Originally, the prime performer delivered the narration as well. Makeup or Vesham is symbolic of the archetypal characters and hence is a tedious process. It is dedicated tremendous amount of time and attention so that details can be perfected. There are five major veshams that need to be expressed, these include  Kathi (Knife), Pacha (Green), Thaadi (Beard), Minukku (radiant) and Kari (Black). The noble and the divine, appear in Green.


Kuchipudi

Kuchipudi - classical dance form

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This classical dance form takes its name after a village in the Krishan district of the South Indian State of Andhra Pradesh. Rooted in the ancient religious arts, like other classical dance forms, this form was predominantly performed by male brahmins who adorn disguises to depict the stories of temples and other spiritual beliefs. Modern Kuchipudi tradition witnesses both male and female performers.

It believes that Kuchipudi originated as a systematised and stylised tradition founded in the 17th century by the orphan disciple of Tirtha Narayana Yati, named Siddhendra Yogi.

Frequently accompanied by Carnatic music, this dance form developed as Krishna-oriented Vaishnavism tradition and closely resembles Bhagavata Mela performance in Tamil Nadu. 


Odissi

odissi - classical form dance

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Originated in the ancient temples of the eastern costal state of Odisha, the dance form take sit name after the state. It is predominantly performed by women and express religious legends and spiritual concepts through dance drama genre.

Its primary themes revolve around Vaishnavism,  Shaktism and traditions associated with Hindu deities, Shiva and Surya.

This dance-drama is performed through enactment of devotional poems and mythical stories of the religious scripts. This dance comprises of expressions, gestures and sign language, soft body movements and bright costumes. This dance is mainly performed in the temple and its premises or extended complexes.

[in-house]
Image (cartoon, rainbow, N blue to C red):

Sattriya

satrriya - classical dANCE FORM

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Another dance drama from the eastern region is Sattriya. Its origin is attributed to the 15th century Bhakti movement scholar and saint named Srimanta Sankardev. The performance is an elegant combination of dance, ballad and enactment.

These are more like plays but with a melodious background score and performed publicly in community halls and monasteries. This art is associated with the themes of much admired and popular love of Radha-Krishna and sometimes Ram and Sita. 


Manipuri

MAnipuri - classical dance form

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Manipuri is named after its parent north eastern state, Manipur. It is specifically known for the portrayal of Vasihanavism, Shaivism, Shaktism and depiction of Rasleela (Radha Krishna’s love story).

It is team effort with girls decorating in beautiful, shiny, cylindrical skirts. It lays special emphasis on upper body movements and hand gestures. 


 Mohiniyattam

Mohiniyattam- classical dance form

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Mohinyattam is named after the seductress actor of Vishu named, Mohini. A mythological creature she exerts her charisma to intervene in clash of egos and helps the good and righteous virtues to prevail over the evil intent. It is a dance that is soft, elegant and carries a feminine charm. It is a traditionally performed solo and predominantly by females.

It includes symbolic and pristine dance-drama performances combined with melodious recitation of songs composed in a language called Manipravala, a hybrid of Malayalam and Sanskrit. 


Folk Dances of India

There are innumerable ethnic dance forms in every state. But the following are the most popular dances that have garnered popularity across the nation.

Here is the list of Best Folk dance forms of India:

Kalbelia

kalbelia - folk dance form

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This dance takes it name after the tribe called Kalbelia. It is a nomadic group whose prime occupation is to rear snakes and trade venom. They are mainly located in Pali, Ajmer, Chittorgarh, Udaipur districts of Rajasthan. The Kalbelia dance is mainly a celebration of the tribe’s culture. Its serpent resembling movement marks the identity of the group as snake charmers.

Mainly performed by women in black swirling skirts, with heavy embroidery and mirror work, they adorn themselves with traditional tattoos and jewellery. The males usually play musical instruments, along with indigenous instruments used by the community to catch snakes.